My 16-year-old grandson, Andrew, just received his driver's permit. This means that another teenager will soon be gracing our roads. While this is considered worthy of recognition, the rest of us -- his parents and I -- approach this milestone with trepidation and the realization that life is moving by much too quickly.

His sister Caroline, 15, thinks it's all so "cool." She has become Andrew's staunch ally, anticipating the day when she, too, can get behind the wheel of a car and drive us to distraction.

Andrew is a great kid. Caroline, equally so. But greatness aside, driving a car is an act that evokes such anxiety that driver's permits should include therapy sessions for parents and grandparents to get them through the ordeal.

Andrew waves his permit at me as a constant reminder of this potentially death-defying feat. Despite the fact that he hasn't cleaned his room since the Clinton administration, he's appropriately proud, and congratulations are in order. And so I pass along kudos with as much enthusiasm as I can muster. He has, after all, passed the test and has plastic proof of his accomplishment.

But I am frightened, not only because he will soon be on the road with maniacal drivers and substance abusers, but because the world these kids are facing is even more dangerous and challenging than what they will encounter in the driver's seat. And we, who have little control over protecting them, suddenly feel overly protective.

If it were up to me, I would shield my grandchildren from the pervasive destruction in a world run amok. I would step in and remove them from irrational predators, insane terrorists, and unexpected bomb explosions intent on killing off not only innocent victims, but our spirits as well. I would whisk my kids off to places that guarantee their safekeeping. But I can't. At best, I can only offer my own experiences as blueprints to those of a different generation vastly removed from mine.

In spite of us, children grow up, and for better and for worse, we can only hope that somewhere along the way, a nugget of our excessive ranting will have sunk in, and steered them in the right direction.

My hope is that by the time Andrew gets his license, and is officially deemed worthy of operating a vehicle, the rules will sink in: That he will pause at stop signs and approach yellow lights not as an invitation to race ahead, but to linger for a moment, heeding my cliche warning: "Better safe than sorry."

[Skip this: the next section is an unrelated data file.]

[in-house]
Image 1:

I am counting on the fact that his newly acquired status will teach him responsibility and patience -- that he won't be in such a hurry to race through life when he doesn't yet understand the importance of slowing down. I want to tell him that these are the years to savor -- to rein himself in, rather than propel himself forward at breakneck speed, and that maneuvering a steering wheel warrants more insurance than what air bags can provide. He will be road-tested beyond his wildest imagination.

When my shaky sanity is being tested by the image of a grandson in a car, it is then I need to get a grip on reality, imagining him making wise decisions as he navigates along bumpy roads, seat belt attached, his vision clear, hands steady and instincts well intact.

For now, however, the heady excitement of owning a driver's permit is all that matters. He's a typically normal and engaging -- if sometimes cocky -- adolescent, who now has the goods to prove his worth. For a while, he needs to luxuriate in his newly acquired sense of achievement: That he has made the grade as a full-fledged member of the Big Boys club. And I, a minor player in this scenario, have become the target of his amusement as he pushes his permit in my face, assuring me he's got it all under control.

"Look," Andrew taunts me, whipping out the plastic card with his photo ID, more to provoke than to show off. "Need a ride?"

"Not quite yet," I tell him. "But I am impressed. I'm looking forward to having you drive me around town."

"In style," he tells me. "I'll be your personal chauffeur."

Dare I mention that the mere thought is driving me just a little bit crazy?

Judith Marks-White shares her humorous views every other Wednesday. She can be reached at or at